I am really missing my sister tonight. Today, Kristen's (my nephew's wife) brother passed away from cancer. J.D. was only 13. Life is full of questions, and that is one I ponder over and over .... why? J.D. had a wonderful life, a wonderful family, a wonderful community. Now that life is gone, and a family and community are hurting. What good comes from J.D.'s death? What good came from Joannie's death? In both cases it came to a point where we had to pray for their release because we did not want their suffering to continue. It was unfair for us to do otherwise. But that doesn't mean we accepted their death; their separation from us. We ache, and that ache does not diminish with time. I know people try to tell you it does. But it doesn't. We accept death with parents ... we understand that timing. But not a sibling, and not at such a young age such as 13. It wasn't an accident ... it was Cancer! It wasn't someone's foolish mistake ... it was Cancer. And long after they have left us, that cancer can enter our hearts and reside for years. I know ... it still lives in mine. I am not talking about the cancer I lived with and survived. I am talking about a cancer caused by hurt, by loss.
I think I have grown, moved on, whatever word or phrase you chose. But then days like today come along, days like J.D. ... and I realize that cancer is still there ... that it still resides in a corner of my heart. And when days like today come along .... it awakens.
I remember those last days with Joannie, the boys and I said our goodbyes to Joannie on Saturday before her death and went home. I often wondered what my siblings thought of me leaving like that. It wasn't my character ... but they all thought I needed to go home and get ready for Josh's graduation that next weekend.
The truth of the matter is ..... on Tuesday, May 31st I went in and had a lump removed from my breast. I had convinced myself that it would either be calcium deposits from caffeine like I had 15 years ago - or that it would be benign. I was wrong. It was cancerous, but it was small and I have been on tamoxifen and did not have to deal with chemo. I didn't intend to keep it a secret - but I was waiting for the right time to share it.
At that time, Joannie was dying and we all knew it, then two days later - she did. We were all busy - there was Josh's graduation and open house, then Joannie's viewing and service. Giving the eulogy was a very difficult thing to get through - but I was honored to give it on behalf of the siblings. Each of us had the right to grieve and putting my ordeal on them was not fair. What I had to deal with was nothing compared to Joannie, or even Patty. They are the hero's that showed me how to handle the past years. You take what life gives you and you make the most of it. I can do all things through Christ who gives me strength - and I am thankful for the upbringing I had where I learned to 'believe'. I do believe and my faith has carried me through many battles. I knew this was another one I could get through.
There had been plenty of times I planned to share my 'news'. When the girls were together with Mom that first year in Nashville for Sept. 14th - I wanted to tell them, but I couldn't. When we were in Orlando the following Feb. - again I wanted to - but couldn't. Throughout this process - I hadn't said anything to the boys either. The reality of what cancer will do to people - and watching it take Aunt Joannie was difficult for them - and I didn't want to cause any unnecessary fear. My intention was to tell them ... eventually. I thought when it was right to say something - first it would be the boys, then Mom and our sisters, then the rest of my siblings.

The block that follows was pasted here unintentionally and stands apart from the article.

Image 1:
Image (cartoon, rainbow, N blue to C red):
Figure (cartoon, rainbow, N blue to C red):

When I celebrated my first year of clean health, it was a silent celebration. That was when I decided to share my experience with the boys. Of course they were scared, upset (actually pissed might be a better word!), worried, but ultimately relieved.
We all have our battles in life. Some we win, some we lose. I am not the first in our family to struggle with cancer .... but I have been able to be strengthened by the example I saw first in Joannie and then in Patty. I also felt my battle in no way compared to theirs. What a fight Joannie gave - ultimately cancer won, but what a fight she gave it. I was proud to be her sister. Patty battled breast cancer and because of technology and medication she was able to triumph over it - but it was her demeanor and faith that gave me courage. She continued to live and work despite her battle. She was my role model and again - I am proud to be her sister. I am embarrassed to compare my battle with theirs ... for in no way is there a likeness. What they had to fight through with the chemo and multiple rounds of radiation; I was blessed not to have experienced. I am thankful for that.
That cancer is gone …but another has appeared/returned. This cancer is called fear. Who will be next? Surely another loved one will fall prey to cancer. Who will it be?
Please God; not Josh, JT, Collin, Monika, Lizz …… I pray not. I hope not. But I fear so. My list is much longer than those mentioned. More family and dear, needed friends. I pray not. I hope not. But yes Lord, I do fear so.